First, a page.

Monopolists argued that distinguishing nature of the trademarks leads trademark monopolies.  Since they are by distinguishing certain product out of its general class and place them into their own class, trade marks like the patents and copyrights have monopolistic aspects.[41] This monopoly based approach strictly challenged by the Property based approach to the trade marks.[42]  The property-based approach tends to assume that the property right in a trade mark is the right to prevent confusion.[43] Under property-based doctrine however ‘confusion becomes not just a question of probable confusion as to source, but possible confusion over any connection between the plaintiff and the allegedly infringing use.’ [44]Another major assumption of the property based school is that the approximation of goodwill as a property.[45]  There are plenty of possible different definitions of the Goodwill within the context of trade mark law, however a common touch might be for all definitions is that Goodwill is something has to do with the Customer Patronage[46]. On the other hand one important metaphor for the Goodwill is its vagueness but at the same time its conclusiveness that it can not be “seen, felt and tasted,”[47]but exist only “in the minds of the buying public.”[48] Bone explains the difficulty in the definition of the Goodwill as [f]or one thing, any single concept meant to capture all the factors that affect consumer choice was bound to be vague and open-ended.[49]
Proponents of trademark law as the legal system of goodwill protection come to recognize that trademarks are the merely symbols of goodwill and without proper goodwill protection the trademark law is meaningless. To this end Carter emphasize that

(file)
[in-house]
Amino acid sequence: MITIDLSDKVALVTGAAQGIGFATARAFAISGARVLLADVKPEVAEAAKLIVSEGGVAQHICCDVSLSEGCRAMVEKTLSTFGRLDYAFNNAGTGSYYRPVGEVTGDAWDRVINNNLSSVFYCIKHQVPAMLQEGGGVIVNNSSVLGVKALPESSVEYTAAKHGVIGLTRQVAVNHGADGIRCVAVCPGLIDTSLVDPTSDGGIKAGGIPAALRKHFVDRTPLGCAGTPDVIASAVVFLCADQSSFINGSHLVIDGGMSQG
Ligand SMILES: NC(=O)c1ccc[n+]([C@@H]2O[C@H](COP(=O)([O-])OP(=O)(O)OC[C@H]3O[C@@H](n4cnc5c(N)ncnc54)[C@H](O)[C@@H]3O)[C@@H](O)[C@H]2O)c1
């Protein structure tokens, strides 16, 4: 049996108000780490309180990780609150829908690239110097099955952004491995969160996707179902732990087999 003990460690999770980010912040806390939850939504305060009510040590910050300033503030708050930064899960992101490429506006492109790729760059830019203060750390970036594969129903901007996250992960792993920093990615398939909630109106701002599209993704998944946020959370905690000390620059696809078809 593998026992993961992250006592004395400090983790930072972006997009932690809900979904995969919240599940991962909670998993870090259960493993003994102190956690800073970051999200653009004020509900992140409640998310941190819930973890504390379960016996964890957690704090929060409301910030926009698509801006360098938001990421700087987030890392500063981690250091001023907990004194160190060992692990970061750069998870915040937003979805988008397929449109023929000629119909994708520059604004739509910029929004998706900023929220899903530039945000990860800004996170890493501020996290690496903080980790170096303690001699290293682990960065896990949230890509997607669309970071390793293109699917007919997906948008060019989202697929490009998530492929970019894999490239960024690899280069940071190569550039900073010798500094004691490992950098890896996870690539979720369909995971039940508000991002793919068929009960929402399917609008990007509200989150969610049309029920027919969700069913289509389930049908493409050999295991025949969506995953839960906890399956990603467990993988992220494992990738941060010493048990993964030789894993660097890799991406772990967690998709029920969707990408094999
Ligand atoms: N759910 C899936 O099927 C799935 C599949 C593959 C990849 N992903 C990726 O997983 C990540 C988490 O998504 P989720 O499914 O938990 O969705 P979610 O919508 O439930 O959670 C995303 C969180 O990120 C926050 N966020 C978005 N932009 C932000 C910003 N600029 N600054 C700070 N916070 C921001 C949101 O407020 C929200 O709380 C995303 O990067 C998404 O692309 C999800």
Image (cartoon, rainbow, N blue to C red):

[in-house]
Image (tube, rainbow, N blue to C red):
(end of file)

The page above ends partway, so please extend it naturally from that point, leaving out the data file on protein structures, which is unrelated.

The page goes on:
“A trademark, then, is a “distinguishing” mark, a way of identifying the good. The mark serves no other function and enjoys no legal existence independent of the goodwill that it symbolizes. Without goodwill, marks have no meaning, and the law has traditionally treated meaningless marks as unworthy of protection.”[50](Emphasize added)
However as accepted dual aim of the trademarks necessitates both protection of public and trademark owner, trademarks are neither confers property rights but, if it is appropriate as McCabe underlines, ‘remain a quasi-property right.’[51]It is the protecting consumer interests that legitimate the protection of the trademarks. All the grammar of the trademark law is rests on the concept of confusion[52] and as Beebe emphasis the ‘consumer, we are led to believe, is the measure of all things in trademark law.’[53]Since it is well established that trade marks foster competition, increase the quality, reduce customer search cost[54], all these effects of the trademark protection is at the end consumer oriented. Consumers are the one of the core beneficiaries of the modern trade mark protection. It is the consumers that are democratising the exclusivity provided by the legal protection and [t]rademarks deserve legal protection to the extent that such protection allows them to serve the function of communicating information to consumers.[55]Torremans at this point urges that;
“Goodwill essential element of a trade mark for its owner, but it will only exist if   the consumer distinguishes the product or services labelled with the trade mark from other products or services. The guarantee for consumers or users that the product or service labelled with the trade mark is of a standard quality is essential in order for the goodwill, be it negative or positive goodwill to be created.”[56]
PART III – CONFUSION PREVENTION OR GOODWILL PROTECTION